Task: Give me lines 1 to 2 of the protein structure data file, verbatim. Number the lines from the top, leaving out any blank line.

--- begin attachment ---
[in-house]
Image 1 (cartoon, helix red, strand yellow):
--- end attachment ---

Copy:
[in-house]
Image 1 (cartoon, helix red, strand yellow):